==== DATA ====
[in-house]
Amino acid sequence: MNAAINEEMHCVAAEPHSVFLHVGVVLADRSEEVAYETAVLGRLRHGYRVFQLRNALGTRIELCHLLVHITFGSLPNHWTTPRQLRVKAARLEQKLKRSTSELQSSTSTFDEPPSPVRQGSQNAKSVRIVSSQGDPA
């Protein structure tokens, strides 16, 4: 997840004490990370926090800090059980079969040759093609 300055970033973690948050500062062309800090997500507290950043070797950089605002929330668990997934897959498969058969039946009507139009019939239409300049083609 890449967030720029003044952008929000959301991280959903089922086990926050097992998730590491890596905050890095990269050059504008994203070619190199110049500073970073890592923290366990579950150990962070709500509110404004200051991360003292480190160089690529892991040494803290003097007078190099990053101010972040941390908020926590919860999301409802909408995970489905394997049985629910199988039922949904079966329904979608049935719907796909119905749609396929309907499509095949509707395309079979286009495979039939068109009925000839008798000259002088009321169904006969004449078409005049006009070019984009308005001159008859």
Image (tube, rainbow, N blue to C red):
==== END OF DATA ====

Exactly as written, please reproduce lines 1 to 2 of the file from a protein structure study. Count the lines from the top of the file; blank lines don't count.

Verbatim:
[in-house]
Amino acid sequence: MNAAINEEMHCVAAEPHSVFLHVGVVLADRSEEVAYETAVLGRLRHGYRVFQLRNALGTRIELCHLLVHITFGSLPNHWTTPRQLRVKAARLEQKLKRSTSELQSSTSTFDEPPSPVRQGSQNAKSVRIVSSQGDPA